But many lawyers give up their voice at the first chance—by quoting the voices of others. They quote so much, in fact, that readers aren’t sure whose voices they’re hearing. First, it’s a judge in one quoted case, then another judge in another quoted case—perhaps a professor or two from some block-quoted law review articles. And the lawyer’s voice? Lost in the cacophony.
Quoting is powerful. It allows you to invite other trustworthy voices into your brief. But there is a way to do it without giving up your voice in the process. Great legal writers do it all the time: their distinctive voice rings true throughout their briefs, even with plenty of quoting in the mix. I like to think of these good writers as the narrators of their briefs, and the quotes they use, the characters. You can always tell it’s the lawyer telling the story—even when the characters fall into some dialogue.
To see what I mean, compare these two snippets. First, a legal writer who gave up his voice to his quotes:
“The public trust doctrine is an old common law principle, from whence several concepts have arisen.” James v. Platt, 314 F.3d 524 (7th Cir. 2000). "The doctrine proceeds in several steps, although none of them are dispositive on their own.” Id. “Occasionally, some have framed this doctrine as one of separation of powers..."
The lawyer's voice is silent. What voices do we hear? Some random judges in other cases.
Compare that with a quoting pro and Supreme Court frequent flyer:
But as this Court explained in American Needle, “that is not what the statute means.” Id. To take an obvious example, “while the president and a vice president of a firm could (and regularly do) act in combination, their joint action generally is not the sort of ‘combination’ that § 1 is intended to cover.” Id. at 195. Similarly, when two companies pool their capital to form a joint venture to sell a product, the venture’s “pricing policy may be price fixing in a literal sense,” but “it is not price fixing in the antitrust sense.” Id.
It’s still quote heavy, but the author never gives up his voice to his quotes. He both creates a connection with his reader and uses quoted voices to add to his own credibility.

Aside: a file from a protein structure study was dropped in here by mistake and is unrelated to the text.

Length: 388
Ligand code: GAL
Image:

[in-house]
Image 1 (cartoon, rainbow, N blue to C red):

A few simple techniques will help you be a better narrator, even when you’re quoting.
First: Quote only when you have a reason—you can often say it better.
There are plenty of reasons to quote, and if you can articulate one of them, then go for it. But please, for the sake of your readers, have a reason before dropping quotes on them. Random quoting is not helping anyone.
Some common reasons include:
The quoted person’s voice—not just the substance of what they are talking about—is helpful to you. When we’re talking caselaw, that means a particular judge in a particular court might be persuasive to your audience—so you want their voice to join yours. But don’t think that all judges’ voices are equally persuasive. The judge and court's identity will matter as will the style of the quote itself.
That said, if you truly believe that someone's voice will help bolster yours, you probably want to tell your reader who you're quoting so you get the benefits. If you don't make it obvious, don't expect your reader to pick up on a court name in a citation.
These sorts of quotes are most helpful when a credible source has unusually strong language for your position. Take this quote from a motion for summary judgment:
As before, this court should agree with the Ninth Circuit that the public trust is "inalienable"—part and parcel of the state’s job of being a state.
Or this one, where the identity of the speaker adds some credibility:
The New York Attorney General defends the state’s law as one that “falls squarely within the heartland” of straightforward “economic regulation.”